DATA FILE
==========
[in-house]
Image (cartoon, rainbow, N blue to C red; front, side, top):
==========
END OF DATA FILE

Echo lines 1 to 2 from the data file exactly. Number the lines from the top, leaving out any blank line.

[in-house]
Image (cartoon, rainbow, N blue to C red; front, side, top):